Definitions

from The American Heritage® Dictionary of the English Language, 5th Edition.

  • intransitive verb To cause to be sorrowful; distress.
  • intransitive verb To mourn or sorrow for.
  • intransitive verb To file an official or formal grievance on account of (an actual or perceived injustice).
  • intransitive verb Archaic To hurt or harm.
  • intransitive verb To experience or express grief.

from The Century Dictionary.

  • To inflict mental pain or distress upon; cause to suffer; make sorrowful; afflict; aggrieve.
  • To vex; harass; oppress.
  • To sorrow over; deplore; lament.
  • To feel grief; be in mental distress; sorrow; mourn: usually followed by at, for, about, or over.
  • Synonyms Mourn, etc. See lament, v. i.
  • noun Another spelling of greeve.

from the GNU version of the Collaborative International Dictionary of English.

  • noun Scot. A manager of a farm, or overseer of any work; a reeve; a manorial bailiff.
  • intransitive verb To feel grief; to be in pain of mind on account of an evil; to sorrow; to mourn; -- often followed by at, for, or over.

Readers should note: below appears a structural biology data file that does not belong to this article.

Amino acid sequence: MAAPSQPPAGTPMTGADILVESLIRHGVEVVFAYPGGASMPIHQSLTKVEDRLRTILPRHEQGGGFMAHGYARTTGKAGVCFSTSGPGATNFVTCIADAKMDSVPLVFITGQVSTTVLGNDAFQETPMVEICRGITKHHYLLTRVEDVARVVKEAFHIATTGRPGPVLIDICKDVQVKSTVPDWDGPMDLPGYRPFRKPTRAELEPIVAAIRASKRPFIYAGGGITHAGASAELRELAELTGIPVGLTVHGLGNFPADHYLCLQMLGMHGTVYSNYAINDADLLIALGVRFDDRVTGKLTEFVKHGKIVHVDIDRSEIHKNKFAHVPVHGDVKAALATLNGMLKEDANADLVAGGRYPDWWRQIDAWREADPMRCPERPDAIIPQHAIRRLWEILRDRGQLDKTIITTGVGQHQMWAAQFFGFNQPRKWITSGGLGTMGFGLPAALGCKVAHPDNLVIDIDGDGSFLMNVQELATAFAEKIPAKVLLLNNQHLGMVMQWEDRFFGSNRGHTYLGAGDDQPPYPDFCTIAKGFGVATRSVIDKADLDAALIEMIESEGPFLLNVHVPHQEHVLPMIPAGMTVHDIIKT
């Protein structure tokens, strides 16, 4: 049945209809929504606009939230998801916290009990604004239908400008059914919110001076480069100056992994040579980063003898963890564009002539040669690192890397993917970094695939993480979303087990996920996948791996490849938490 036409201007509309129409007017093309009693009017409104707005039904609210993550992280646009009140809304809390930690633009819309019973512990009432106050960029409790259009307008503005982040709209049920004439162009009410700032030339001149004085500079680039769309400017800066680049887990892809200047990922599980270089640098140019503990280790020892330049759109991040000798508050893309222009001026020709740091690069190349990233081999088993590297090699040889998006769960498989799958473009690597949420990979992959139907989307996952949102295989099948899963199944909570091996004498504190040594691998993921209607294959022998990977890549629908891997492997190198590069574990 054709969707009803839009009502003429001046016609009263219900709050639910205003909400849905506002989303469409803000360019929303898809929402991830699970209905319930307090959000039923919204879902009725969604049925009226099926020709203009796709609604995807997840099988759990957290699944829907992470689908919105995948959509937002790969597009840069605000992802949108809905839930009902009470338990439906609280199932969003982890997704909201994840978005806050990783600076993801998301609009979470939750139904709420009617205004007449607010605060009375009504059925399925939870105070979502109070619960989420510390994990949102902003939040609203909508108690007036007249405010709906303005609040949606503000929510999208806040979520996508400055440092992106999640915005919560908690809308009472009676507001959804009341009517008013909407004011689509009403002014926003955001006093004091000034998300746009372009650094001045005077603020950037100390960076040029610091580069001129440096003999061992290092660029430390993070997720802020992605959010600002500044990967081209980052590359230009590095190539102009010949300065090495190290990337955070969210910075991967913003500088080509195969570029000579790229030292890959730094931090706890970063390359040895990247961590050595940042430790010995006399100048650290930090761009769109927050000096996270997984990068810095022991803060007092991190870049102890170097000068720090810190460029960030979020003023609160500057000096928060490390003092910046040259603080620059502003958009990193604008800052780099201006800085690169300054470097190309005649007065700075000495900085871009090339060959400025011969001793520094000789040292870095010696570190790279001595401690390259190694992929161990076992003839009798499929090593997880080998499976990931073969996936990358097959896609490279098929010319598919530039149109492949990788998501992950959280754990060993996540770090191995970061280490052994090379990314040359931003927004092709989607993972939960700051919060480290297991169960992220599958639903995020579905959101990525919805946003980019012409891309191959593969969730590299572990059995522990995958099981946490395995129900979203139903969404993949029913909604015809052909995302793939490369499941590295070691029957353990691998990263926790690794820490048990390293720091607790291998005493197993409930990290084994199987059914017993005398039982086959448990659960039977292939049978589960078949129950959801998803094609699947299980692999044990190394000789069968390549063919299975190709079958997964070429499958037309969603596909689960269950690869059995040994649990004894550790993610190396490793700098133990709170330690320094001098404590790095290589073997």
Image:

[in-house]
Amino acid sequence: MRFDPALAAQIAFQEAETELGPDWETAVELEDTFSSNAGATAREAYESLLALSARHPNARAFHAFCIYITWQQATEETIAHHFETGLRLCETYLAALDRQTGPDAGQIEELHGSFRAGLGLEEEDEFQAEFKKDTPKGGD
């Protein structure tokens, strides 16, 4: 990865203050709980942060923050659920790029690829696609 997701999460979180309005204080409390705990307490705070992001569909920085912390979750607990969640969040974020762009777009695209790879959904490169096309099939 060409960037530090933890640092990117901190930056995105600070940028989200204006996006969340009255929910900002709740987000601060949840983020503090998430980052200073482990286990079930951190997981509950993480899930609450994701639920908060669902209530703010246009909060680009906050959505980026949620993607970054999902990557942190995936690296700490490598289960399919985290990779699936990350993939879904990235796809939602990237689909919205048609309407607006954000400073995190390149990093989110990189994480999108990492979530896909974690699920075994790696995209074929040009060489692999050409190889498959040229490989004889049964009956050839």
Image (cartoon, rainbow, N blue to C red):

• transitive verb To occasion grief to; to wound the sensibilities of; to make sorrowful; to cause to suffer; to afflict; to hurt; to try.
  • transitive verb rare To sorrow over.

from Wiktionary, Creative Commons Attribution/Share-Alike License.

  • noun obsolete A governor of a town or province.
  • noun A manager or steward, e.g. of a farm.
  • verb transitive To cause sorrow or distress.
  • verb transitive To feel very sad about; to mourn; to sorrow for.
  • verb intransitive To experience grief.
  • verb transitive, archaic To harm.
  • verb transitive To submit or file a grievance.

from WordNet 3.0 Copyright 2006 by Princeton University. All rights reserved.

  • verb cause to feel sorrow
  • verb feel grief

Etymologies

from The American Heritage® Dictionary of the English Language, 4th Edition

[Middle English greven, from Old French grever, to harm, from Latin gravāre, to burden, from gravis, heavy; see gwerə- in Indo-European roots.]

from Wiktionary, Creative Commons Attribution/Share-Alike License

From Old English grœfa

from Wiktionary, Creative Commons Attribution/Share-Alike License

From Old French grever ("to burden"), from Latin gravare, from adjective gravis ("grave").

Examples

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